Employee burnout is detrimental to your bottom line. When your workers are emotionally drained or too exhausted to contribute their ideas, your business isn't moving ahead. While you might think heavy workloads or external stresses lead to burnout, there's also an unexpected source of employee burnout: Your own ego.

Joel Carnevale, an assistant professor of management at Syracuse University, says leaders must recognize their employees' needs and hold themselves accountable for their employees' well-being. In this issue of Promotional Consultant Today, we discuss Carnevale's tips for curtailing employee burnout.

Remember your employees' emotional needs. As a leader, you're responsible for providing your employees with the resources they need to be successful and perform at high levels. But this doesn't just mean providing tangible resources needed for the task at hand, Carnevale says. Research shows that leaders also play a crucial role in providing the cognitive and emotional resources employees need to feel energized and enthusiastic at work. This can be achieved simply by offering a friendly ear, providing emotional support when needed, or engaging in other behaviors that demonstrate your interest in the emotional needs of your employees. However, if you're too focused on your own needs, you may be neglecting this vital role at the expense of your employees' energy and productivity.

Be mindful of your expectations and behavior. Not only might you be neglecting your role as a source of energy for your employees, but you may be engaging in behaviors that actually drain your employees' energy. The increasingly stressful and fast-paced nature of today's work environment means that employees are at greater risk than ever of becoming de-energized and emotionally drained at work. But Carnevale says that, if in addition to their daily job demands, your employees feel expected to cater to your own emotional needs—whether it be tending to your fragile ego, providing you with constant praise and attention or serving as an ongoing source of emotional support—their work energy is likely to suffer even greater deficits.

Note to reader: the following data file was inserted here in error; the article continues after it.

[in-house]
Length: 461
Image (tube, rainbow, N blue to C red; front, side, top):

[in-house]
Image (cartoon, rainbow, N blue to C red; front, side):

Hold yourself accountable. At the end of the day, it's important to remember that one of the most important responsibilities you have as a leader is to ensure your team's well-being. In this respect, it's important to hold yourself accountable. Carnevale says that if you feel a sense of accountability to those you lead, you may become more mindful of how your behavior is affecting your employees and actively work to avoid these pitfalls.

If you want to prevent employee burnout on your team, it's important to take action. While leaders can be the source of employee burnout, they can also be the remedy for it. Commit to understanding your employees rather than focusing on your own goals. It's also important to keep your own behavior in check and stay cognizant of how you treat your team members.

Source: Joel Carnevale is an assistant professor of management at Syracuse University's Martin J. Whitman School of Management. His research focuses on employee ethicality, prosocial behavior and the dark side of leader personality.